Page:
Thursday, March 15, 2018

Exilios, Volume III, New World Music Utopics

 in a world where the margins begin to disappear, the borders themselves obscured by islands of floating refuse, we all seem on the verge of exile, living in between memory and potential community, in a place of happiness that exists in no place at all, in a moving moment of sound, and yet this sound seems as if it must be a place or yet speaks of a place, a delta where many musics mingle before setting out to sea on paper boats & cardboard boxes...

   Few years ago my friend George Christian Vilela Pereira asked me to contribute some guitar work for a track on a album that turned out to be part of a sprawling jungle, a trilogy of albums, called Exilios. Listening to the first few volumes and previews challenged me to formulate new terms, to grapple with what seems like the strangest mixture of everything I like, which somehow seems like it just shouldn't work because in the world where we live the ideologies that separate and stagnate music into pigeon-holed territories and long-exploited ore mines guarded by product-oriented, hungry, market-hungry, old speculators who don't like funny people and funny mixtures messing up the mind of the buying public by offering music that makes them think and feel too much. It is further haunted music in that it draws from world-wide sources, being a studio album, basic tracks recorded in Brazil and contributors from across the ponds added into the mix, so that there's a hint of virtual utopia here, a musical space that refers to many cultures all at once and yet expresses either all of them or none of them to my ears while still sounding between-the-worlds organic, like a dream that you should write down before forgetting it. There is a hallucinogenic quality or potential here, ayahuascan trips, like all the freaky megalopolises, Mexico City meets Teheran, but's it all a club in Calcutta called Igloo Canal, the studio walls grow edible fungus, drones carry in trays of jasmine tea and espresso. Nothing is connected in any obvious way but it's connected all the same. If you play it at a party, many of your friends will leave or call the police. Because it's that good. Because it's that evil. One moment its some psychedelic lost soul wandering the polluted beaches where sharks belly full of plastic and transistor schrapnel wind up stranded, another moment its all the Sun Ra freak out down at Slug's Saloon, the one's that happened after you left when Pharoah and Sharrock arrived late and they invited a harp made of tin and sparklers to plug directly into the amp and plunge Queens into darkness. And there's this voice singing in some language between languages, a microtonal language, swirling, turning itself inside out, a crooning that is aware crooning is too cute and draws venom from bitter blues people of the crepuscular zones, humored like Don Van Vliet, but also a little crusty like Cobain, a permanent voice in migration, like gypsy moths or swallows saying anywhere but back to Capistrano. It's kind of like all of this and yet kind of not because there are too many layers and this causes description to be an exhausting futility. It may take 100 years to get to the place where this music already exists in the universe we know and be landed upon as an inhabitable planet. I am happy I arrived when I did.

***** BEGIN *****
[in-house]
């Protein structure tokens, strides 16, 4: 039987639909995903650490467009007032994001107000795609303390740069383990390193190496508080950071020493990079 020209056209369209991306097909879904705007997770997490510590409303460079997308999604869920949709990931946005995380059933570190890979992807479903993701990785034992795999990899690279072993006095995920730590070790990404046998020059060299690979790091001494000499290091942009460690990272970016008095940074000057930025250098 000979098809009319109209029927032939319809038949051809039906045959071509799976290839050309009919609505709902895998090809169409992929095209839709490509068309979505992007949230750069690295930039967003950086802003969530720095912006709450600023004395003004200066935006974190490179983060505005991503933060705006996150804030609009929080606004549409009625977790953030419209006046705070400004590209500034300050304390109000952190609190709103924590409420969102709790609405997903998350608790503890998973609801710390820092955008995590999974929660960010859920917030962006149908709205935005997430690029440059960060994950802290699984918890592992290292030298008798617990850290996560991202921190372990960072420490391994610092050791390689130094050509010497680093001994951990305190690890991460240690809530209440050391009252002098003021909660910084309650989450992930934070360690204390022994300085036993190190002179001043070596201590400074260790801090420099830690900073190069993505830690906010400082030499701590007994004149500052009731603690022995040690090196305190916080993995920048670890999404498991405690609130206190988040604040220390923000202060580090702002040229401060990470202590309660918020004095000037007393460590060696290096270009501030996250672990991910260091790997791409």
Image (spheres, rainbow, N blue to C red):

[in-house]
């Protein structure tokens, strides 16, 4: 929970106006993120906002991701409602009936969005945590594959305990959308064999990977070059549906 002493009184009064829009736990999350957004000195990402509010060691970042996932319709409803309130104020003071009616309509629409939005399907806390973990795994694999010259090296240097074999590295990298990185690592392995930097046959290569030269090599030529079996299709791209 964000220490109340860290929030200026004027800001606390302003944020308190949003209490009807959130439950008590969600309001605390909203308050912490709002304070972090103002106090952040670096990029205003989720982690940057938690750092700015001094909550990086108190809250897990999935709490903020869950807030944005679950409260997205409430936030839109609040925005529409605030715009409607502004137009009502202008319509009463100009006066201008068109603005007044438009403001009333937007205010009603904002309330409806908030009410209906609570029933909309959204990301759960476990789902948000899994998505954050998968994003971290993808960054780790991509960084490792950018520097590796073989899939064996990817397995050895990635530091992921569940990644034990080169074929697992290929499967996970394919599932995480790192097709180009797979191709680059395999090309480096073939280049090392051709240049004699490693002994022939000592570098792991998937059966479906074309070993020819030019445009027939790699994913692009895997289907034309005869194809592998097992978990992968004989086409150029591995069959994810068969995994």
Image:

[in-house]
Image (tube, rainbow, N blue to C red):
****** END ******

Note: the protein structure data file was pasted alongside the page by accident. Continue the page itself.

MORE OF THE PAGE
For full details about Exilios 3 and the previous volumes, please access this link.

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